QUESTION: Thank you.
MR. WOOD: Hold on, there’s a whole bunch of questions. You guys are really in a hurry.
QUESTION: Yeah, Robert, do you have any response to a human rights action plan that was issued by the Government of China today?
MR. WOOD: No, I haven’t seen it, Dave. Sorry.
QUESTION: Yes, on (inaudible) President Obama trip to Mexico, and given the recent intense change on security issues, could you tell us what is the status on the nomination of the next ambassador to Mexico?
MR. WOOD: No, that type of announcement will come out of the White House. I don’t have anything for you on that.
QUESTION: Also, could you tell us if Ambassador Pascual will be part of the delegation traveling with President Obama to Mexico?
MR. WOOD: You know, I don’t know. I would advise you to check the White House on that. We’ll do – okay, you’ve had one. Please.
QUESTION: The foreign minister of Georgia is in town and he plans to meet with Secretary Clinton tomorrow. Can you give us some more details and what questions are they going to discuss at the meeting tomorrow?
MR. WOOD: Well, they’re obviously going to talk about the situation in Georgia and the environs, and talk about how the United States and Georgia can work together on a whole host of issues that are of mutual interest. I don’t have much more in the way of details. We’ll be able to give you a readout following the meeting.
QUESTION: About Georgian opposition rally, can you say any words about the position of government’s – they refuse this opposition?
MR. WOOD: I haven’t heard about the position. I’m sorry, I don’t know.
QUESTION: Yes, on Burma, given that the review is ongoing on Burma and that Secretary Clinton’s made her comments about the problems that both sanctions and engagement have had, to what extent are people looking at smart sanctions focused on individuals rather than broad-brush economic sanctions within that review? Specifically, also, to what extent are the sanctions on Burma discretionary and to what extent are they statutory? How much leeway do you have?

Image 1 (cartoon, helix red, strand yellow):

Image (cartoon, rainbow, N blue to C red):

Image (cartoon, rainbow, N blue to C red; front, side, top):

MR. WOOD: Well, as you can imagine, I don’t have those types of details here. That review is still ongoing and we’re going to be looking at a variety of options. Because as the Secretary has said many times, what we’ve tried hasn’t worked so far, and so we’ve got to look for other ways to try to bring some influence to bear on the regime in Burma. But I don’t want to get into any further details about what we’re going to be looking at.
But as I said, the Secretary was not happy with the situation as it is, and we’re going to continue to look to see if there are ways we can bring some – you know, some influence to bear on the situation.
QUESTION: Is there any way you can get – take a question in terms of what’s statutory and what’s discretionary? I mean, to what extent your hands are bound by legislation?
MR. WOOD: Well, I’ll take a look. Last question back here and then that’s – and then we’re done.
QUESTION: What is the status of State – Department of State regarding Turkish-Armenian borders? You know, there is some dynamics because there are media reports that the state border between Turkey and Armenia may be open soon, and from outside – some officials link it to – from Turkey link it to some preconditions. So what are the stance of --
MR. WOOD: I’d have to refer you to those two governments for details on what’s going on on the border.
QUESTION: Thank you.
MR. WOOD: Thank you.
(The briefing was concluded at 11:54 a.m.)